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language, gabble enough, and good enough. As for you, interpreter, you must seem very politic. But couch, hoa! here he comes; to beguile two hours in a sleep, and then to return and swear the lies he forges.
Par. Ten o'clock : within these three hours 't will be time enough to go home.
What shall I say I have done? It must be a very plausive invention that carries it: They begin to smoke me: and disgraces have of late knocked too often at my door. I find my tongue is too fool-hardy; but my heart hath the fear of Mars before it, and of his creatures, not daring the reports of
my tongue. 1 Lord. This is the first truth that e'er thine own tongue was guilty of. [Aside. PAR. What the devil should move me to undertake the recovery of this drum;
being not ignorant of the impossibility, and knowing I had no such purpose ? I must give myself some hurts, and say I got them in exploit: Yet slight ones will not carry it: They will say, Came you off with so little? and great ones I dare not give. Wherefore? what 's the instance ? Tongue, I must put you into a butter-woman's mouth, and buy myself another of Bajazet's
mulea, if you prattle me into these perils. 1 LORD. Is it possible he should know what he is, and be that he is? (Aside. Par. I would the cutting of my garments would serve the turn; or the breaking
of my Spanish sword. 1 LORD. We cannot afford you so.
(Aside. PAR. Or the baring of my beard; and to say it was in stratagem. 1 LORD, 'T would not do.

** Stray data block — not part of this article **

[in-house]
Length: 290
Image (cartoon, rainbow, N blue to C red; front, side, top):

[Aside. Par. Or to drown my clothes, and say I was stripped. 1 LORD. Hardly serve.
[Aside. Par. Though I swore I leaped from the window of the citadel1 LORD. How deep?
[Aside. Par. Thirty fathom. 1 LORD. Three great oaths would scarce make that be believed. [Aside. Par. I would I had any drum of the enemy's; I would swear I had recovered it. 1 LORD. You shall hear one anon.
[Aside. PAR. A drum now of the enemy's !
[Alarum within. 1 LORD. Throca movousus, cargo, cargo, cargo. All. Cargo, cargo, cargo, villianda par corbo, cargo. Par. O ! ransom, ransom: do not hide mine eyes.
[They seize him and blindfold him. 1 SOLD. Boskos thromuldo boskos. PAR. I know you are the Muskos' regiment, And I shall lose my life for want of language :
So the original. It was proposed by Warburton, with great plausibility, to read Bajazet's mute."
If there be here German, or Dane, low Dutch,
The Florentine. 1 SOLD.
Boskos vauvado :
Are at thy bosom.
Oh! 1 SOLD.
O, pray, pray, pray.-
Oscorbi dulchos volivorco. 1 Sold. The general is content to spare
thee yet; And, hoodwink'd as thou art, will lead thee on To gather from thee: haply thou mayst inform
Something to save thy life.
0, let me live,
will wonder at. 1 SOLD.
But wilt thou fuithfully? Par. If I do not, damn me. 1 SOLD.
Acordo linta.Come on, thou art granted space.
[Exit, with PAROLLES guarded. I Lord. Go, tell the count Rousillon, and my brother,
We have caught the woodcock, and will keep him muffled
Till we do hear from them. 2 SOLD.
Captain, I will.
Inform on thata. 2 SOLD.
So I will, sir. 1 LORD. Till then, I'll keep him dark, and safely lock'd.
SCENE II.-Florence. A Room in the Widow's House.
• On. So the original. The common reading is “ inform 'em that.” But the change is scarcely wanted.“ Inform on that” is, give information on that point.
fine frame hath love no quality ?
should be such a one As you are now, for you are cold and stern; And now you should be as your mother was,
When your sweet self was got.
No: My mother did but duty; such, my lord,
As you owe to your wife.
No more of that!
Do thee all rights of service.
Ay, so you serve us, Till we serve you : but when you have our roses, You barely leave our thorns to prick ourselves,
And mock us with our bareness. BER.
How have I sworn!
But the plain single vow, that is vow'd true.
At least, in my opinion.
Change it, change it;
you do charge men with: Stand no more off,